Japanese Classics via New York by

Issue 97 · Autumn in Japan · November 8, 2013

Japanese Classics via New York

Issue 97 · Autumn in Japan · November 8, 2013

Asako Ueno grew up just south of Tokyo in the coastal town of Chigasaki, where, for 15 years, she owned a shop specializing in imported goods for beach living. Later, she worked as a buying consultant for the late, great New York branch of department store Takashimaya where, she tells us, "I learned what to look out for and how to find well designed products and their passionate creators." Based in Brooklyn since 2009, Ueno now runs her own online enterprises: Southern Accents New York, which brings a well-edited look at overseas life to Japan, and Anzu New York, which is devoted to introducing time-honored Japanese goods to an American audience. Here are some of her Japanese finds.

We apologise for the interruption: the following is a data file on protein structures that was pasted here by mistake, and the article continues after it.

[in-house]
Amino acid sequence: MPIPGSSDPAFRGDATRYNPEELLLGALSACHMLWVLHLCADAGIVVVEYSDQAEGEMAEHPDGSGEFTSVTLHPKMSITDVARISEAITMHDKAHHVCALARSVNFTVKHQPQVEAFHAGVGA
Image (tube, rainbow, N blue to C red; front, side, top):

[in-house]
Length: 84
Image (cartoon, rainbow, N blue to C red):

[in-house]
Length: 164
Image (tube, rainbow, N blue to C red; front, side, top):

Anzu New York

Above: A Large Tea Pot Ash Gray, porcelain with a rattan handle and built-in tea strainer; $85.  

Anzu New York

Above: Handwoven Bamboo Sieve Baskets, 8.3-inches wide; $38 each —"simple, even basic, but everlasting," says Asako, who points out that it in addition to rustic sieves, they make a good fruit containes.

  Anzu New York

Above: A set of four Chinese-style Black Bamboo Spoons made in Kyoto; $65.

Anzu New York

Above: From the orchard region Aomori, a light but strong Bamboo Apple Basket; $150. Asako recommends using it as a shopping basket.

Anzu New York

Above: Gray and black-glazed dinnerware by Yumiko Iihoshi. The small Tori Dish, here filled with jam, is also used as a tea bag holder and sweets plate; $30.

Anzu New York

Above: The Copper Tea Leaf Container for matcha, hand-hammered from two sheets of copper with an intricate closure: $280. 

Want to see some of these pieces firsthand? Anzu New York will be joining us at our first Remodelista Market in New York.

And for more online shopping, check out another great source for well-crafted Japanese goods: Analogue Life in Nagoya. 

 

 

 

 



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